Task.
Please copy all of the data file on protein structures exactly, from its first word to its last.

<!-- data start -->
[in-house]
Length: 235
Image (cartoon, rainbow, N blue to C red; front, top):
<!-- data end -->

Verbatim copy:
[in-house]
Length: 235
Image (cartoon, rainbow, N blue to C red; front, top):